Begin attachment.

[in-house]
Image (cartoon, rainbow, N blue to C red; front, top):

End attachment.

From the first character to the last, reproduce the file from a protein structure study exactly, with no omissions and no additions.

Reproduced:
[in-house]
Image (cartoon, rainbow, N blue to C red; front, top):